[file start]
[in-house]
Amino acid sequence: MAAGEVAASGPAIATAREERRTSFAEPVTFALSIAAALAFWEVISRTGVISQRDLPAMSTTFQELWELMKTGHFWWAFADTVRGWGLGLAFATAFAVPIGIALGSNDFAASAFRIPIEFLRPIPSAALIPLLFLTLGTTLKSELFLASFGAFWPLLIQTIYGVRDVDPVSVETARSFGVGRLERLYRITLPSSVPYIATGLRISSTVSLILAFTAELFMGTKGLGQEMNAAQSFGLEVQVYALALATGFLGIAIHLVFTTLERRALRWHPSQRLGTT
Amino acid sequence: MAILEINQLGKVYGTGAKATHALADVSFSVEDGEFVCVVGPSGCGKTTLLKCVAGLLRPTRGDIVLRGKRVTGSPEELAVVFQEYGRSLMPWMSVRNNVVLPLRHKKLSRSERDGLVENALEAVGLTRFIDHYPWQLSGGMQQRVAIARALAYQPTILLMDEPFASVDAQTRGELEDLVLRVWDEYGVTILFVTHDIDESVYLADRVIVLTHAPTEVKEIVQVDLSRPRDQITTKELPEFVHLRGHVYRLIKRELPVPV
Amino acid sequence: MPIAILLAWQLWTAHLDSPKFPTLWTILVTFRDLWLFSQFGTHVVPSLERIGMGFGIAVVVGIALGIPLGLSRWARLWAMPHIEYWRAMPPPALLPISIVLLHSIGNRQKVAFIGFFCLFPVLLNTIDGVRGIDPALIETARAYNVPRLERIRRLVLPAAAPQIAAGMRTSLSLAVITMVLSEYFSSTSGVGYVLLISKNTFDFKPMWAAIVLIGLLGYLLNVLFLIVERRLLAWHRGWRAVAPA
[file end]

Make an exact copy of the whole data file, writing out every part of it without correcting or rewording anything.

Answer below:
[in-house]
Amino acid sequence: MAAGEVAASGPAIATAREERRTSFAEPVTFALSIAAALAFWEVISRTGVISQRDLPAMSTTFQELWELMKTGHFWWAFADTVRGWGLGLAFATAFAVPIGIALGSNDFAASAFRIPIEFLRPIPSAALIPLLFLTLGTTLKSELFLASFGAFWPLLIQTIYGVRDVDPVSVETARSFGVGRLERLYRITLPSSVPYIATGLRISSTVSLILAFTAELFMGTKGLGQEMNAAQSFGLEVQVYALALATGFLGIAIHLVFTTLERRALRWHPSQRLGTT
Amino acid sequence: MAILEINQLGKVYGTGAKATHALADVSFSVEDGEFVCVVGPSGCGKTTLLKCVAGLLRPTRGDIVLRGKRVTGSPEELAVVFQEYGRSLMPWMSVRNNVVLPLRHKKLSRSERDGLVENALEAVGLTRFIDHYPWQLSGGMQQRVAIARALAYQPTILLMDEPFASVDAQTRGELEDLVLRVWDEYGVTILFVTHDIDESVYLADRVIVLTHAPTEVKEIVQVDLSRPRDQITTKELPEFVHLRGHVYRLIKRELPVPV
Amino acid sequence: MPIAILLAWQLWTAHLDSPKFPTLWTILVTFRDLWLFSQFGTHVVPSLERIGMGFGIAVVVGIALGIPLGLSRWARLWAMPHIEYWRAMPPPALLPISIVLLHSIGNRQKVAFIGFFCLFPVLLNTIDGVRGIDPALIETARAYNVPRLERIRRLVLPAAAPQIAAGMRTSLSLAVITMVLSEYFSSTSGVGYVLLISKNTFDFKPMWAAIVLIGLLGYLLNVLFLIVERRLLAWHRGWRAVAPA